González had learned about Amherst through a Questbridge conference in high school, and he knew that the college accepted transfer students. But, more importantly, he knew that Amherst provided financial aid that could accommodate his current immigration status. He applied but was waitlisted. Hopeful, González called the admissions office and asked what could be done.

“One of the assistant deans of admissions, Alexandra Hurd, told me that they hadn’t gotten someone off the transfer waitlist in years. I don’t know. I had this feeling. I told her, ‘That’s fine. I’ll see you in the fall,’” González said.

A couple of weeks later, González got a call from the Office of Admissions notifying him of his acceptance.

As I interviewed González, tears gathered in his eyes as he recounted the day he got the news. His mother did not know he had applied to Amherst. He wanted to surprise her.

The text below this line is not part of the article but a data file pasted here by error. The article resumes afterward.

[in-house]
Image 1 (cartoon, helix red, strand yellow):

“My mom came home from work and I said, ‘What do you think about me moving to Massachusetts?’ She said, ‘Whatever’s best for you,’” González recalled.

When he learned about the acceptance, González’s high school mentor and history teacher, Walt VanderHeijden, was delighted and unsurprised.

“Speaking no English as a bewildered middle school student, living in a stateless limbo and suffering chronic financial deprivation, his journey has been one of unflinching focus on the vision of success, the belief in the triumph of hard work and the inherent goodness of people,” VanderHeijden said.

Graduating as the valedictorian of his community college’s class, González headed off to Amherst in the fall of 2011.

Starting at Amherst

González was both excited and absolutely frightened to come to Amherst.

“I did CEOT and I was just really scared. It’s a tradition to write a letter to your end-of-the year self and I remember writing, ‘It’s gonna get hard. You’ve got to work hard,’” González said.